Teachers seek congressional probe of textbook fiasco | Inquirer News

Teachers seek congressional probe of textbook fiasco

/ 07:27 AM August 12, 2019

ACT tells DepEd to stop misleading public on teachers' pay

Joselyn Martinez, ACT national chairperson (Photo from the Facebook account of ACT)

MANILA, Philippines — Public school teachers urged lawmakers to immediately conduct a congressional probe into the textbook fiasco state auditors highlighted recently, with one group likening the misuse of funds and numerous questions it raised to a “can of worms.”

“This long-drawn-out problem should be effectively addressed,” said Joselyn Martinez, chair of the Alliance of Concerned Teachers (ACT). “It has caught public attention several times in the past but has never really been settled. It’s high time that somebody be held accountable.”


The Commission on Audit (COA) findings were especially biting for teachers, who have been forced for years to rely on error-riddled textbooks and wait for learning materials that ended up languishing at Department of Education (DepEd) warehouses.


In a statement, the DepEd said it had chalked up some of the COA findings to “late updating of consolidated reports and reconciliation of voluminous records with implementing units.”

Completing documentation


“The DepEd assures [the public] that most of the accounts have already been reconciled while some are just completing documentation, hence, these are not yet liquidated,” it said.

It said it had already complied with the state auditors’ request that it submit an explanation for each of its specific findings, while Education Secretary Leonor Briones herself had instructed concerned teams to adhere to strict controls that would prevent the findings from recurring.

Benjo Basas, chair of the Teachers’ Dignity Coalition (TDC), said that while he gave the DepEd “the benefit of the doubt,” the group would remain vigilant.

“At the end of the proper procedure, if there are proven irregularities or neglect, both should be dealt with accordingly and those responsible should be held liable,” Basas said. “That is the way the DepEd does it with erring rank-and-file employees and teachers.”

A financial management reforms committee, headed by Briones, has been established, the DepEd said. The department, however, did not comment on the errors found by the COA in its instructional materials.

Undistributed books

ACT said the DepEd’s reasoning that the undistributed books were buffer stock did not account for the fundamental question of how a glaring shortage of books spanning grade levels and subjects could exist alongside a surplus of books for other subjects.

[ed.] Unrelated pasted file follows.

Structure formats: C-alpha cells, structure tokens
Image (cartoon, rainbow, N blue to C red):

The teachers’ union said that after six years of the K-12 program, educators still had “no official and usable textbooks” for araling panlipunan in Grades 1 to 7, 9 and 10; science in Grades 5 and 6; Filipino in Grades 6 to 8; and mathematics in Grades 6 to 8 and 10.

“We have been waiting for years for the DepEd to finally produce these learning materials,” Martinez said. “Aside from the extra time and effort to do additional research, buying our own reference materials competes with our family expenses in our meager salaries.”

Aside from being compelled to spend on extra materials, the additional preparation needed due to the lack of textbooks also meant expenses for internet connectivity, computers and printers, Basas said.

P254M lost

The COA said in its 2018 audit report released last week that the DepEd lost P254.253 million to error-filled textbooks, while instructional materials worth P113.708 million remained undistributed in five DepEd warehouses that were also fire hazards.

Basas said the eye-popping sum of mishandled funds was further proof that there was enough money to provide public school teachers with the compensation they had long sought.

“It’s hard to understand how DepEd can waste funds on error-filled books and other expenses but not give teachers the proper salary,” the TDC chair added.

At this point, Martinez said, neither the Senate nor the House of Representatives could afford to look the other way.

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Aside from setting in motion an investigation into the various irregularities disclosed by the COA, she said lawmakers should “involve teachers in a legislative inquiry so that [they] can have a picture of the real situation on the ground.”


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